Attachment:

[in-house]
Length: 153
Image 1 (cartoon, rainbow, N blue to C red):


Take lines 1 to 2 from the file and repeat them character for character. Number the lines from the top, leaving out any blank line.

[in-house]
Length: 153